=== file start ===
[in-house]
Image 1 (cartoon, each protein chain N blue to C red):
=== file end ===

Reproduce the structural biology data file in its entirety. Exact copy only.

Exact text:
[in-house]
Image 1 (cartoon, each protein chain N blue to C red):